Philippines: Higher cement prices prompt dialogue between trade, firms

Philippines: Higher cement prices prompt dialogue between trade, firms
Published: 24 December 2009

Trade and cement manufacturing officials met recently to discuss surges in retail price of cement in the local market ranging from P10.00 to P40.00 in the past week.

Trade undersecretary for consumer welfare Zenaida Cuison Maglaya told reporters that their regional and provincial offices have monitored these unusual price increases and the claims of some retail outlets that they lack supply.

"We are asking for their (manufacturers’) assessment of the situation in the market," said Maglaya.

The manufacturers explained that reduced production due to scheduled maintenance work and logistics of transporting the cement to typhoon-affected areas led to the price volatilities.

Cemex and Holcim told the trade officials they had not adjusted their suggested retail price (SRP) since October and September of 2008, respectively.

Renato Sunico of Lafarge Cement, manufacturer of the Republic brand, said they adjusted their list price to cover increase in the cost of their production inputs. But he said the price adjustment was only P3—far from the P10 to P40 range based on the trade department‘s price monitoring.

As for the tightness in supply, the cement manufacturers cited the annual preventive maintenance that Cemex (Antipolo plant), Holcim (Bulacan plant), and La Farge (Bulacan) scheduled in December. These temporary production halts reduced cement supply for select areas.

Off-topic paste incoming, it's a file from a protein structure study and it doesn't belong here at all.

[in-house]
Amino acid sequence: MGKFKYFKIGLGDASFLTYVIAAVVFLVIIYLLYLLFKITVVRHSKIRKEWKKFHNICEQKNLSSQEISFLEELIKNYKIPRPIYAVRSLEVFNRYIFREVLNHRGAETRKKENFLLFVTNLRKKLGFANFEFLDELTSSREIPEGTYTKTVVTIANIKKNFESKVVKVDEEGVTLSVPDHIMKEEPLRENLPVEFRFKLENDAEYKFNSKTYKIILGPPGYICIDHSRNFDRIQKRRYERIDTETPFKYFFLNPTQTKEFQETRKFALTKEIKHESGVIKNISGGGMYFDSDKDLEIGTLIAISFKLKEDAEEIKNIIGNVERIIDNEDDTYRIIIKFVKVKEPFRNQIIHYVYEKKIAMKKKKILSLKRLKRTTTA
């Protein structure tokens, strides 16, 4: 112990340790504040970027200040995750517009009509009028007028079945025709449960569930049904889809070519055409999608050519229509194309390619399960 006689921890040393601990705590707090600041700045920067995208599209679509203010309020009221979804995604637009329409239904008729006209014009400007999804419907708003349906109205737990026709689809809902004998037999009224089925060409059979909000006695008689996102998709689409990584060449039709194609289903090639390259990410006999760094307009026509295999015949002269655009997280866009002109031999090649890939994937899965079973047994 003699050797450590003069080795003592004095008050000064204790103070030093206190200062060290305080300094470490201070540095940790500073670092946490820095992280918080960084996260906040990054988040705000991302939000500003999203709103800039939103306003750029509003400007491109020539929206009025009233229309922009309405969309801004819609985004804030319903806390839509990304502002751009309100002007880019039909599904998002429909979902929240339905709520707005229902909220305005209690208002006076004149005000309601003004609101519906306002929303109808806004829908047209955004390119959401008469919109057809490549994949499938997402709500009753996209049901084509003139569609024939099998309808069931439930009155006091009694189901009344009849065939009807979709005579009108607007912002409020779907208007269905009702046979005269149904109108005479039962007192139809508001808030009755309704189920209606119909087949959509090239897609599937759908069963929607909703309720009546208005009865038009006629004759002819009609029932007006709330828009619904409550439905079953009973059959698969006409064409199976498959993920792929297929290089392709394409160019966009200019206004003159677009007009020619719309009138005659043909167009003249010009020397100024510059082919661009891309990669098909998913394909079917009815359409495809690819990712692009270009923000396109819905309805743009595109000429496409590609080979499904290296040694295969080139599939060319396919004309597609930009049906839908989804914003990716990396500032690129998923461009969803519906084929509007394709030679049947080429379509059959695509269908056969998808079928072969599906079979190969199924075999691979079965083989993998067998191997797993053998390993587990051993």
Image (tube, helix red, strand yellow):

According to Dr. Ernesto Ordoñez, president of the Cement Manufacturers Association of the Philippines (CEMAP), December is usually a slow month for cement, thus, plants traditionally undergo preventive maintenance, and they were surprised by the upsurge in cement demand.

In the case of supplies to Metro Manila and surrounding areas, the cement manufacturers cited the collapse of the "Bridge of Promise" in Batangas caused by typhoon Santi for reducing the delivery of Republic cement plant from 60,000 bags to 20,000 bags per day.

However, representatives at the meeting assured that supply tightness at the retail level is temporary and that they expect the situation to normalise before Christmas.

"In addition to normalised cement delivery from Batangas and the resumption of operations of cement plants on preventive maintenance, we have arranged for additional shipments from APo cement plant in Cebu and the Holcim plant in Laugait, Mindanao. Consequently, there will be more than adequate supply of cement within the week," reiterated Mr. Ordoñez.

Undersecretary Maglaya warned retailers that whoever will be caught selling above the suggested retail price of cement will be dealt with accordingly, pursuant to the Price Act. Also, retailers who refuse to sell, but is found out to have supply will be charged with hoarding.

To validate the said reports and pursuant to Section 6, Rule IV of the Implementing Rules and Regulations of Republic Act 7581 or the Price Act, DTI’s Regional offices in Rizal and Bulacan to conduct spot- inspection of cement plants to determine the status of their operation; present operational capacity to know the volume or number bags being produced per day; and their current plant inventory," reported Maglaya.

"If the plant is really on shutdown, DTI monitoring teams are to gather information on the date when it was closed, the reason and until when it will remain closed," she added.